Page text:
I used to hate it when people said grades don’t define you.
I certainly felt defined by my CAP (cumulative average point). It’s a grading system that decides whether you’ll graduate and how well you’ll graduate. It decides your pay grade, the amount you can save in ten years, the house you can buy, whether or not you get a car, whether you can send your kids to university, whether you can provide for your parents …
“CAP doesn’t define you” sounded a lot like a platitude to me. Saying that does not make someone who just flunked something feel any better. In fact, it makes us feel like you don’t understand.
As a student, I entered university to learn and to have a good time. So I didn’t think CAP would be a problem. I was told that when I got to university I would enjoy what I did – I thought that meant I’d do good in it too.
When I was in Year 1 and the grades weren’t that bad at the end of the first year, I wasn’t too bummed. I still enjoyed learning at the end of the day. Year 2 ended and the grades had began to plunge: I enjoyed myself, but it started to weigh on me that my CAP was a bigger influence on my life than I had thought it would be.
It was Year 3 where my CAP had plunged to the point where anymore of a drop would prevent from moving on to Honours Year. Terrified, I wondered that maybe I wasn’t cut out for this after all – or maybe I didn’t trust God enough. Maybe I should have studied harder (though I honestly studied my head off).
To appreciate the still small voice, it has to be contrasted with the fire, earthquake and wind.
My brain kept beating itself up that I wasn’t good enough. It wasn’t even that I was a failure to my parents or society. To everyone who knew me, I was happy, enthusiastic and even somewhat of an achiever.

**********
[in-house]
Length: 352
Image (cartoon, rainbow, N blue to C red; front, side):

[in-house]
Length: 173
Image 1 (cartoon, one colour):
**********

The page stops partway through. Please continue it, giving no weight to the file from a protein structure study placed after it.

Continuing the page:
But I knew I had failed myself. I failed despite all my hours of hard work. I failed in living up to an upbringing that had taught me discipline and resilience.
I failed myself, and I couldn’t live with that.
Above all, I was questioning where God was in all of this? Isn’t Jesus supposed to define me?
Where was He then? Where was He when I honoured Him, put Him as my number one priority … And yet I felt like He failed me? Where was He at my weakest?
I thought of Elijah in the wilderness (1 Kings 19). All alone, he was running for his life. And Elijah asked God where He was in his time of need?
The Bible says that there was a great wind, then an earthquake, then a fire – but God wasn’t in any of them. God was in the still, small voice. He was there. He was always there.
To appreciate the still small voice, it has to be contrasted with the fire, earthquake and wind. If I never had any trials, I wouldn’t understand what it means to know God is there for me. He is my gentle whisper – my comfort through it all.
It’s true that your CAP will decide a lot of things in life. But Jesus defines me: I am a child of God.
Nothing can change the truth that the still small voice of God will be there in every wind and fire and earthquake that comes my way. So while CAP may play a role in deciding things like how much I earn, it is God who directs my destiny.
So, maybe don’t tell people it “doesn’t define them” in a way that makes it seem like you’re shrugging off the reality of their disappointment or pain. Tell them instead that it’s okay to grieve and feel pain – it’s normal to be sad and frustrated about failure.
Let them hear the still small voice of Jesus through you, telling them to go on. CAP, grades, accolades … These things are important, but they will fade away someday.
Only God’s gentle whispers – His Word – never will (Matthew 24:35).